I think what has finally got Apple hacked off is that Psystar is intercepting "Software Update" and modifying the packages so they won't break the system.
As the suit goes on, I'll bet this will be the major issue for the "copyright infringement".
Only Apple can legally distribute their software updates.
//They can decide what hardware it is permissible to sell it on, because they don't really sell the OS. //
So, I can't go to an Apple store, and pick up a copy OS X right from the shelf and buy it?
Weird. I thought that's exactly what I could do.
a while back I had emailed Pystar about purchasing a "barebone" version of their current $399 open computer. I advised that I already had a licensed legal copy of leopard and that I would use my own method for installing it. instead of responding sure and quoting me a price for a barebone system with just a case power supply and motherboard they made a point to advise that they didn't sell parts and that they wouldn't advise on parts for setting up a system with leopard.
maybe now the owner of pystar will realize that if he is willing to do that, and avoid installing software he can make a profit without violating any EULA agreements,etc. Afterall there is nothing wrong with stating that your equipment is macOS compatible if you don't install their software.
Am I right on my thinking for this?
Mac tried to licence it's OS to ther hardware makers. There where problems, and it didn't help them get more market share either.
In short: it was a experience for Apple. They probably don't want to repeat that mistake. (+ Jobs is a crazy controlfreak.)
The Mac clones were cheaper, faster and supported PC peripherals such as mice and keyboards. They undercut Macs by a considerable margin. All they did was prove how overpriced Macs really were at the time.
Actually, the clones grew the Mac market share from 3% of the market to just over 5%.
The problem with the clones was that they were eating Apple's lunch. They were coming out with faster, better machines in shorter cycles than Apple.
Apple wanted the clones to take the low-end of the market. Power Computing and Motorola did that, AND came out with machines that blew Apple's away on the high end as well.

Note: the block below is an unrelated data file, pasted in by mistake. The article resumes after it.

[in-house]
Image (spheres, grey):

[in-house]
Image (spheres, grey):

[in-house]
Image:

It was a year after Apple shut down Motorola and Power before Apple produced a PPC model that was as fast and advanced as the ones that were out the year before.
Apple didn't want to become another IBM that let the "PC Compatible" market make them an also-ran.
Perhaps smart for Apple, but bad for us.
Who knows what kind of Macs we'd have today if Apple had simply licensed back the best designs and released them under the Apple Label.
Instead, Apple shut down innovation.
>> Suing them for selling hardware is something else. Since when nobody can sell hardware that supports MacOS (except Apple of course)? <<
Apple isn't suing Psystar for selling "MacOS X Compatible Hardware", because they aren't. Nobody can. Apple puts stuff on the boards and in the BIOS that MacOS X looks for, and that nobody else can legally replicate. Plus, it wouldn't be financially sound for someone to keep re-engineering boards to be MacOS X compatible.
Apple is suing Psystar for selling systems pre-loaded with MacOS X and modifying MacOS X to work on otherwise incompatible boards.
Apple is claiming that Psystar is selling a derivative and unlicensed version of MacOS X. Which is based on the Retail MacOS X, but is altered in contravention of the license.
Whether that will hold up in court is interesting.
In any event, Apple makes more money from iPods and iPhones and the iTunes Music Store.